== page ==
“It’s important to encourage students to focus more on accessibility and the equitable distribution of wealth, which goes against much of the Western fashion paradigm,” Idacavage continues, “Above all else, fashion education will need to challenge the linear nature of the fashion supply chain, which obscures the production and afterlife of the products that students are trained to make.”
So sustainable fashion education systems would show students that sustainability and ethics begin before a garment is even made. It begins as a concept and a design intention. Instead of fashion curricula that only focus on teaching students to create clothing for immediate consumption and waste, a future-proof education system will teach how to design clothing for durability, repair, and circularity — and that accessibility and inclusion should be centered along the way.
6 Ways To Build Sustainability Fashion Education Into Lessons And Curriculums
Learning to design and produce a garment is not just an exercise in creativity — it’s learning to deeply engage with overlapping systems and supply chains.
And it’s a chance to reimagine deeply unequal power dynamics by being involved in ethical production and ensuring that your creative process does not create burdens of waste for people living in the Global South or unethical working environments for garment workers.
“Teaching about sustainability cannot be a stand-alone lesson that is taught in isolation from the rest of the curriculum. It has to be present in all subjects and courses. Sustainability has to underpin our design practice, because it is not a design project or a design aesthetic. It is the lens which we see the world through,” van Staden emphasizes.
Changing a curriculum is no easy feat and it won’t happen overnight. But here are a few words of wisdom from people with experience teaching about fashion that just might inspire a new way of understanding the role of fashion education. One that reimagines the classroom as a space to encourage creative, reflective, holistic, and critical thinking:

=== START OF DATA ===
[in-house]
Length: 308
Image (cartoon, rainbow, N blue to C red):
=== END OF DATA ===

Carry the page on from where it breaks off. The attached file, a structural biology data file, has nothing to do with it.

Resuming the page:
1. Create personal connections that spark curiosity and questioning
To spark curiosity among students, and to get them thinking deeper about the ways that the fashion industry works, it’s important to begin in their own closets. Creating personal connections with global systems allows us to relate them to our own lives and spark important ideas and thoughts.
Idacavage offers us an example: “you can ask students to keep a clothing diary to record everything they wear, purchase, wash, and any interactions they have with clothing each day. Or they could conduct a wardrobe analysis to take inventory of what they own and why they have it. This is an easy way to build a personal relationship with the course material.”
2. Take time to uncover systemic linkages
Understanding the connections between social, economic, environmental, and political systems in the fashion industry is key to creating a sense of purpose among students and intentional design practices.
“Instead of looking at changes in styles and trends, I try to uncover the complexity of forces that impact consumption practices through framing them by institutional arrangements, cultural expectations, and social norms,” says Idacavage.
This is relevant when it comes to reconnecting with nature too. Too often we think of social systems and human communities as separate from natural systems when they are completely interconnected.
Fostering this reconnection sometimes involves “unconventional” learning environments. This may include doing a field trip into nature and spending time sketching and meditating on the experience — something that van Staden has practiced with her students. “Without sounding cliche, we are seeking to use our heads, hands, and hearts. Our hands get involved with the more practical aspects: whether this is through creating textiles from waste materials or using avocados to dye our fabrics,” she explains.
3. Design interactive and experimental lessons
Learning while doing is an important part of embedding sustainability into fashion curriculums. While hearing about the harms of the fashion industry is important, learning how to enact alternatives and solutions is what will create a long-lasting shift.
For example, Michelle Taylor teaches upcycling as a way to understand alternative ways of creating clothing without a harmful impact. “I challenge students to design a garment from old items they may find in their closet or the thrift store. This hands-on exploration of sustainability is a core part of my teaching ethos,” says Taylor.
This kind of experimentation allows students to get in touch with their innate creativity, instead of purely learning to mimic trends.